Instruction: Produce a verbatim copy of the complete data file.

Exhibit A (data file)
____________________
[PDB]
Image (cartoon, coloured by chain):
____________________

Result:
[PDB]
Image (cartoon, coloured by chain):